It can be difficult to remain consistent in your study habits when your study results are inconsistent. Mistakes are discouraging. Nonetheless, they are an essential component of learning, and it’s crucial to see them as part of the process instead of setbacks. Even more importantly, it’s important to see them in the first place. Continuously reviewing your work, getting feedback from others and using metacognitive strategies can all help you detect errors. Hattie & Timperley (2007) sort the process into three stages: Feed-up, where learning goals are established and clarified; Feed-back, where learners reflect on their work in relation to the set goals and establish their level of competence; and Feed-forward, where this information is deployed to adapt the learning process to their levels of competence. Feedback is not just about evaluating past performance but also about guiding future learning and establishing clear objectives. Making a series of mistakes can be disorienting, but a clear-eyed view of the next steps can bolster your resolve. And when the next mistake comes – and it will – having a strategy to learn from it and control your reaction to it can give you the resilience to persevere on to the next mistake, and the one after that. As long as you’re making mistakes, you’re in a place where you can improve: Exactly where you want to be.
Your study environment should also be somewhere that you want to be. As discussed earlier, the more unpleasant a task is, the easier it is to delay. By making your study environment pleasant you make it harder to procrastinate and easier to stay engaged. Chi & Wylie (2014) present a framework of four modes of cognitive engagement, ICAP: Interactive Mode, Constructive Mode, Active Mode and Passive Mode. They advocate for study spaces that foster more interactive modes of engagement, in which discussions can promote deeper understanding by providing new perspectives. It’s important to remember that the people around you are a part of your environment and can be an incredible resource. In other contexts, Chi & Wylie advocate for engaging constructively – generating new information and ideas – can also promote deeper learning. In these situations, other people can be distracting. Different environments can help or hinder engagement with the material, so before deciding where you want to study, decide how you want to study. This decision is going to be very context-dependent, so think well about it. What are you trying to achieve?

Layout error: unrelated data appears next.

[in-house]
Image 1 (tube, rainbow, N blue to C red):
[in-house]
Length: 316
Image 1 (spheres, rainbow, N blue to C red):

It is all too easy to stumble into a pitfall when studying – it’s a stressful thing to do, and that very stress can blind us to other pitfalls. As you’ve learned, they can cascade into each other. A miserable study environment can lead to procrastination, which can lead to cramming and weaker test performance – and if you don’t look back and see where you went wrong, that’s a pitfall within itself! You’ve got to be careful, self-aware and to put in consistent effort. I hope you’ve learned something in this post, and I hope you apply it. Ultimately, I hope that you’ll take these strategies to heart and use them to find a fulfilling path of learning and self-discovery.
“Effective learning can be fun, it can be rewarding, and it can save time, but it is seldom easy” – Bjork, et al., 2012